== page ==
Undoubtedly, there is high political commitment to the cause of women and who are now more visible on the national stage than ever before. The legal frameworks are in place to ensure the respect, protection and realisation of their rights. Institutions and structures to ensure effective implementation of programmes and policies in favour of women are being strengthened. More is being done. Much more needs doing, especially on the socio-cultural, religious, political and economic fronts. Rights of women and girls continue to be violated, in the homes, on the streets, at the work places and in the communities, often under the guise of paternalistic support and protection. These violations traumatise the mind, wound the body, deny voice and space, smother opinions, sap productivity at the work place, economically constrain the medical delivery system and deny the nation the benefits that accrue from the initiatives and ideas of half its population.

There is domestic violence, perpetrated by husbands and condoned by society as permissible. The home, where love and protection are taken for granted, is the very setting which allows violence against the woman- physical, sexual, emotional and economic violence. At the work place, young ladies face quid pro quo sexual harassment where employment decisions or expectations are made based on an employee’s willingness to grant or deny sexual favors. Trapped, many young ladies silently suffer the trauma, inuring themselves to the experience. Productivity declines. Absenteeism becomes their way of escaping the torment. Others, left with no choice, quit the work and resign themselves to what fate holds for them.And the most disheartening of all- the ‘dress code’ justifier for the rape of children.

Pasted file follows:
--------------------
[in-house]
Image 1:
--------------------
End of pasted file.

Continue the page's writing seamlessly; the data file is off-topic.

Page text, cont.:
Land is, by and large, the property of the ‘Kabilo’, and it is the men who decide which land a woman holds in her name as long as she remains married within the clan or the family. Our fight against hunger, and securing the right to food, could be swiftly won when we increase women’s access to and ownership of land. This may call for a revisiting of our land tenure system, taking cognizance of the local context.

Women continue, to a greater extent and in spite of their numerical strength, to be on the menu but not at decision-making tables. They are, by and large, excluded from political power. A cursory glance at our National Assembly and local area councils will show a dismal representation of women in these bodies.

The Beijing Platform for Action recommended that governments set a target of 30% of seats for women in national parliaments. This is necessary because there are many factors that conspire against women’s participation in politics-the cultural norms, local hierarchies, the insults and name calling, the sexism, the rigours of electioneering, financial burden, etc. To realize this, our political parties must take deliberate measures to have quota system in place to promote women’s ascendancy to political power at both local and national levels. Women’s right to equal participation in national and local decision making bodies must be matched by their representation in these bodies. There is evidence that society at large benefits when women are in leadership positions. It is argued that “the state of women’s political participation mirrors their economic status”.

Author: Njundu Drammeh

Child Protection Alliance